Saturday, January 26, 2013

60GHz point-to-point microwave for small cell backhaul

 Millimetre wave dish

Backhaul for many public access and some enterprise small cell deployments involves a wireless link for the last few hundred metres. It may not be feasible to connect fibre in every case, both because time and cost are prohibitive. One of the choices for that last hop is point-to-point microwave operating at 60GHz (Extremely_high_frequency).
Why 60GHz?
Wireless transmissions at these frequencies are limited by the high oxygen absorption, with a maximum range of 2 kilometres. This matches the requirement for small cell backhaul links of a few hundred metres – typically the range 100 to 700 metres being the sweet spot. The signal won't penetrate buildings or foliage, requiring clear line of sight between transmitters but multiple links can be used to relay the signal around obstructions. By using a parallel uplink and downlink, bi-directional data rates of up to 1Gbit/s are available in commercial products today. Constraining the link data rate to 100Mbit/s or 300Mbit/s allows lower order modulation to be used, either increasing the range or further enhancing link reliability. The short range and narrow beams provide very high reuse, making it ideal for those high traffic urban areas.
The use of such high frequencies require a smaller physical dish antenna, which matches the low profile and form factor needed to satisfy town planning constraints.
Transmissions are affected by rain, which reduces maximum operating range of each link. For the shorter distances of a few hundred metres needed for small cell deployments, five nines (99.999%) uptime is quite achievable.
Licence Exempt Spectrum
Many countries have taken a pragmatic approach to the use of the 60GHz spectrum, assigning it as “Licence Exempt”. This has a slightly different interpretation compared with “Unlicensed”, as is used by Wi-Fi. Since these signals very rarely interfere with each other because they are point-to-point beams, they can co-exist with competitors even in high traffic congested areas. Regulators may require a nominal fee to register, or simply allow unconstrained deployment nationwide.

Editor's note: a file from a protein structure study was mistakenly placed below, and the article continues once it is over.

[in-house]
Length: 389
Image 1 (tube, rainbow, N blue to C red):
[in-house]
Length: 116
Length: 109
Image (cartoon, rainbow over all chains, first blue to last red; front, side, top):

By comparison, other popular spectrum bands used for microwave links may attract hefty spectrum licence fees. It is not unusual for network operators to pay millions of dollars for the rights to specific bands for nationwide use, equating to thousands (or even tens of thousands) of dollars per link installed.
Providing high capacity
The high throughput rates of up to 1Gbit/s should more than satisfy the needs of advanced multi-mode small cells. Alternative solutions which share spectrum or resource between a cluster of cells may not be able to match the peak throughput of the radio links they service. This problem also occurs where Wi-Fi or other unlicensed/shared spectrum is used for backhaul, or where licensed spectrum for backhaul use is scarce.
Today's individual small cells may be more than adequately served with a backhaul link capacity of 100Mbit/s. Multiple small cells, daisy chained along a street canyon, may increase that requirement to 300Mbit/s or more. In the future, LTE Advanced and Multi-mode 3G/LTE small cells could reach peak traffic rates of 500Mbit/s to 700Mbit/s, which would be within the 1Gbit/s capacity of the technology.
Low Latency
An advantage of FDD links of this type is low latency, typically sub 50 microsecond, and so this doesn't affect the end-user experience. TDD links on the other hand would naturally add some delay due to the buffering while waiting for the next transmission slot. With LTE offering end-to-end latency in the order of 10's of milliseconds, this may be considered significant.
Network synchronisation can be provided using IEEE 1588 to augment the small cell's own GPS timing. It is also likely that we'll see more SyncE (Synchronous Ethernet) extended through these links in the near future.

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